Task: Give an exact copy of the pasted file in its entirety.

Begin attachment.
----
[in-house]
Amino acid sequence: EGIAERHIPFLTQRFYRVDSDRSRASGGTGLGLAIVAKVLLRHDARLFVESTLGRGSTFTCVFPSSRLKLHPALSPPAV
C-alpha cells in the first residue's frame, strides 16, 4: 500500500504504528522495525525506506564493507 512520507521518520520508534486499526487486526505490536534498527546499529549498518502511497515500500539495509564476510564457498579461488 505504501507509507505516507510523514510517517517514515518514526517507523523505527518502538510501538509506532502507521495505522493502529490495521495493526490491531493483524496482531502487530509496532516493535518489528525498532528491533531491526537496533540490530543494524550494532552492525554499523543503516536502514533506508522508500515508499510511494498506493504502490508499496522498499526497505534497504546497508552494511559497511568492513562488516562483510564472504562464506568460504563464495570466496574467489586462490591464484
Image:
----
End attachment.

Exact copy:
[in-house]
Amino acid sequence: EGIAERHIPFLTQRFYRVDSDRSRASGGTGLGLAIVAKVLLRHDARLFVESTLGRGSTFTCVFPSSRLKLHPALSPPAV
C-alpha cells in the first residue's frame, strides 16, 4: 500500500504504528522495525525506506564493507 512520507521518520520508534486499526487486526505490536534498527546499529549498518502511497515500500539495509564476510564457498579461488 505504501507509507505516507510523514510517517517514515518514526517507523523505527518502538510501538509506532502507521495505522493502529490495521495493526490491531493483524496482531502487530509496532516493535518489528525498532528491533531491526537496533540490530543494524550494532552492525554499523543503516536502514533506508522508500515508499510511494498506493504502490508499496522498499526497505534497504546497508552494511559497511568492513562488516562483510564472504562464506568460504563464495570466496574467489586462490591464484
Image: